This is a short video clip of about 20 seconds.
The Captain gave me an assignment.
He wants to be able to look out his picture window on a cold and blustery winter night and be able to tell if his electric fence is "hot".
In studying air-gap voltage protectors I learned that the standard 48" fluorescent light tube has an "instant start" voltage of about 600V. That is, apply 600V across the two ends and it will create light.
It took longer to find a fluorescent light tube than it took to wire one end to the electric fence and to twist the other end so it was grounded to a woven wire fence behind it.
The installation was not perfect. It is not bright enough to see in the day. It drags down the line voltage more than I wanted. Perhaps worst of all, I started getting complaints from Mrs ERJ and the Captain's wife. Mrs ERJ said it felt like she was living next to an airport with the night time strobing. The Captain's wife was afraid that it was bright enough to give her a migraine.
Except for the inability to see the light in the day, all of the other issue can be fixed by adding an impedance in-line with the fluorescent tube. As the designer, I had two choices, I could add a resistor or I could add a choke, also called an inductance.
I opted for the resistance because I thought of a sneaky way to calculate the proper amount of resistance, a way that involved very little calculation.
The electric fence is little more than an energized circuit. The amount of power that is dumped to each of the legs-to-ground is proportional to 1/R, or one over the resistance.
The problem with the fluorescent tube with no throttling is that it has a significantly lower resistance than, say, a cow so more of the power will go to illuminating the lamp than to disciplining the cow.
If, however, I could convince a cow to hold the end of the tube in its mouth and provide the "ground", then the resistance of the tube + the resistance of the cow would be more than the resistance of the cow alone.
Cows are not known for being very smart, but they are too smart to do that.
The next step is to logically proceed to the question, "What animal would be superior to a cow as an in-line resistance?" The answer was a six foot long snake. The snake is a lower wire gauge than the cow and is slightly longer. Therefore it would produce a higher resistance but still be about the same order of magnitude.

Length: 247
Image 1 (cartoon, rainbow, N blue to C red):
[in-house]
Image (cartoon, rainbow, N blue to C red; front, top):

"If I can't find a reindeer, I will make one instead"
Due to a shortage of 6' long Blue Racers and Rat Snakes in my neighborhood I was forced to find a substitute.
|An 8' length of 1/2" hose was pressed into service.|
|The lead wire from the tube was stuffed in one end.|
|A wire was grounded to the woven wire fence and the other end was stuffed down the other end of the snake.|
This is a very short video clip of less than 10 seconds showing the throttled light tube.
So, did I nail it?
Well, no I didn't. I throttled it back too much. But that is easy to fix. I simply pull some of the hose through the tie-downs and cut off a chunk. Then reinsert the lead. That is why you want to start with a LONG snake, so you can tune it.
In retrospect, it would have been even smarter to leave the ground wire long. Very long. Then I could have simply fed more-and-more of the ground wire into the ersatz snake thereby shortening the path through the electrolyte and stopped when the light was Goldilocks perfect. A couple turns of tape to secure the ground wire and then come back in the morning and measure the resistance with my multimeter.
Or...simply supplement the Gatorade with antifreeze and cap the ends with tape so rain does not dilute the potion.
For the record, the shorter snake measures somewhere between 2M ohms and 3M ohms and it is still a bit too much. If I were to try this with discretes, I would buy four of these resistors for about $10 and figure out if my fence liked one, two, three or four of these in series to choke down the fluorescent light tube.
I would also add a reflector behind the light tube.